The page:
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Celebrating Senior Dads for Father's Day

With Mother’s Day in the rearview mirror, now’s the time to start focusing on Dad! Father’s Day is the perfect day to spend quality time with one of the most important men in your life. If your father, or father figure, is living in a senior living community, there’s no reason you can’t make this a fun and memorable day for him. Depending on your dad’s mobility, check out some of these options for a wonderful day with Dad!

Bowl Him Over: One of the most overlooked pastimes may be bowling – an entertaining, easy indoor activity that all ages can participate in. Make an afternoon of it; order some pizza and soda, and bring the grandkids along. Bowling is one of those activities that you can forget how enjoyable it can be until you’re back in the alleys having a great time. Try candlepin bowling if the weight of the ball is a concern for your dad. And if Dad isn't as mobile... bring the pins to him! Most facilities have bowling pins and light weight bowling balls available so you and your family can have some fun without the stress of travel.

Peanuts & Cracker Jacks: A baseball game is a quintessential American pastime! If you don’t have easy access to a major league game, there’s nothing quite like an afternoon at a minor league ballpark or even a local ballpark of teenager travel ball teams. It's especially fun if one of the grandkids happen to be playing!

Gone Fishing: There’s nothing more soothing and satisfying than an afternoon of fishing. No need to rent or charter a boat, a day on the docks or by the river or lake will do the trick! The quiet time is the perfect setting to have a chat with your dad about what’s going on in his life or to reminisce about the past. Bring your kids along for the day for a tremendous opportunity for bonding and forever memories.

The Missing Links: If your dad is a golfer, a day on the links is a wonderful way to spend some quiet time together with a little friendly competition and some good exercise as well. If 18 holes is too much, try doing just nine and grabbing a little lunch at the clubhouse afterward. Another great option is a putt-putt or miniature golf instead. It’s a fun, faster game and you still get quality time with your dad for less money!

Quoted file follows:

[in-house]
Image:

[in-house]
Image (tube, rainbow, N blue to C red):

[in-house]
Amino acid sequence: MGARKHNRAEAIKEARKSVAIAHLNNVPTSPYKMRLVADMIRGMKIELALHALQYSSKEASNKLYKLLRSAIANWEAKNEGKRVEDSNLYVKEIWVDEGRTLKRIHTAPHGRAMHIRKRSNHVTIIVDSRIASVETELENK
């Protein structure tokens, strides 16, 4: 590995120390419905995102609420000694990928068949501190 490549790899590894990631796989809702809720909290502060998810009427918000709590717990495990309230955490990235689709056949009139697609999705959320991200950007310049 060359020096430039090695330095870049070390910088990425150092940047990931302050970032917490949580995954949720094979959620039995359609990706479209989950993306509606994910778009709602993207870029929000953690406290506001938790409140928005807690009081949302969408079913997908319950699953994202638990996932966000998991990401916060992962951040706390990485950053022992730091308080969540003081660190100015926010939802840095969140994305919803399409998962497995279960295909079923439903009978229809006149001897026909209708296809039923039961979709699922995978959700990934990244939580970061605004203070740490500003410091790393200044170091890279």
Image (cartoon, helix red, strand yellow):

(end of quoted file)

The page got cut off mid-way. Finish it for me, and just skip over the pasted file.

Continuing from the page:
Bottoms Up: One of the most popular activities these days, for young and old alike, is an afternoon or evening at a local brewery. Local breweries are popping up everywhere and make for a fun outing for the dad who enjoys a pint or two!

Night (or Day) At The Museum: Whether Dad is into art, photography, history, or sports, a healthy walk around an air-conditioned museum is truly quality time together. Most towns and cities have some type of museum or tourist attraction. Ask Dad what would most interest him and spend a day at the museum.

The Reel Deal: Who doesn’t love getting lost in a favorite old movie? If Dad is a movie buff, a casual fan, or just has limited mobility, watching a classic movie or two is a great way to enjoy some time together. Get into the spirit and set up a comfy chair, pop some popcorn, serve Dad his favorite beverage, and darken the room for more of the theater experience. Share your favorite lines from long-ago flicks and spend a memorable afternoon or evening in Dad’s company.

Stay Connected: Internet use for seniors is growing by leaps and bounds and is a fantastic way for seniors to stay connected with their friends and family. When seniors are trained in the use of social media and email, they perform better cognitively, and experience improved overall health. Many seniors use social media and technology to bridge the geographic gap between them and their loved ones, reducing isolation and loneliness. Help your dad set up a smartphone or tablet to enjoy using Facebook or Instagram or send emails.

Father’s Day is a time to show your dad the love and respect you have for him and all that he has done for you throughout your life. If your dad happens to be in a senior living facility or nursing home, there’s no reason why he can’t enjoy doing some of these activities with a little improvising depending on mental or physical limitations. Let your dad, or father figure, know how much he’s appreciated!


1 Comment

My spouse was diagnosed with Parkinson's disease. His symptoms included excruciating calf pain, muscular aches, tremors, slurred speech, frequent falls, loss of balance, and trouble standing up from a seated posture. After six months on Senemet, Siferol was given to him in place of the Senemet. It was also at this period that he was diagnosed with dementia. He began seeing hallucinations and became detached from reality. With the doctor's approval, we stopped giving him Siferol and chose to try the Ability Health Center PD-5 protocol, which we had previously investigated. After three months of therapy, he has made significant progress. The illness has been completely contained. There are no symptoms of persistent twitching, weakness, tremors, hallucinations, or muscle soreness.…



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